Best wishes,

Heather

Chairman.

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Major news from Scottish Borders Council

Early indications show Scottish Borders Council will be putting £500,000 towards the bridge restoration:

http://www.berwick-advertiser.co.uk/news/local-news/all-news/funding-hope-for-chain-bridge-1-3668049

Only £3m to go!

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Union Chain Bridge Restoration Project – The Story So Far…

Here is a re-cap for anyone who has recently joined the group or anyone who is interested in the Union Chain Bridge:

Northumberland County Council and Scottish Borders Council aim to restore the bridge in time for its bicentenary in 2020.

NCC has put aside £500,000 for the restoration. Scottish Borders Council will discuss its contribution at a meeting on 12th February 2015.

Consultants appointed jointly by NCC and SBC will place a bid to the Heritage Lottery Fund. They are Carol and Frank Robinson from Consult Robinson. Please see www.consultrobinson.co.uk for more information.

The UCB Friends group currently has 295 members, which is a great demonstration of support for the restoration of the bridge. The group aims to become a CIO (Charitable Incorporated Organisation) in the New Year.

Aside from this the Friends have made a visit to the Middlsbrough Transporter Bridge to learn how its restoration was carried out. Here follows a report from Ted Cawthorn:

‘On the 28th November, Trustees John Home Robertson and Edward Cawthorn, together with James Fell, the County Council’s Heritage Officer and Frank Robinson, the Heritage Lottery Fund bid consultant appointed by the County Council, visited the Middlesbrough Transporter Bridge where they were briefed by the Middlesbrough Council team  responsible for the Council’s successful Heritage Lottery Fund bid towards the restoration and refurbishment of the 100 year old iconic structure and winding machinery, and its development as a heritage feature. The Transporter Bridge, which dominates the Middlesbrough skyline, was opened on the 17th October 1911 and is the longest transporter bridge in the world, with a total length of 259 metres and a maximum height from the river of 69 metres.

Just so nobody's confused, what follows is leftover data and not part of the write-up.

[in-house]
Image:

The Middlesbrough officers gave an interesting, detailed and cautionary account of their experiences with their bid and the processes involved in establishing the principle of eligibility for HLF assistance and were happy to be associated with the Union Bridge bid and to maintain a continuing relationship with the Friends.’

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Union Chain Bridge welcomes Japanese visitor.

Professor Hiroshi Isohata has visited the bridge with Professor Roland Paxton. Professor Isohata teaches engineering at the College of Industrial Technology at Nihon University. He kindly became a member of the Friends group while he was here. He was met by Gordon Miller who spent a considerable amount of time explaining the history of the bridge and showing him photographs of his own study. Then Professor Isohata inspected the bridge himself, noting the replacement temporary hangers. He was very impressed with the bridge and will use it as a case study in his lectures. He said the oldest suspension bridge in Japan was 100 years old. He personally worked on the Akashi Straits bridge, which has the longest central span of any suspension bridge in the world.

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First AGM

The Friends of the Union Chain Bridge held their first AGM on Wednesday 15th October. It was a very well attended evening with lots of existing Friends and new Friends coming along to remind the council of our desire to have the bridge restored in time for its 200th birthday in 2020. We were told by James Fell, Northumberland County Council that work would start by January 2018 at the latest. Thank you to everyone who came along!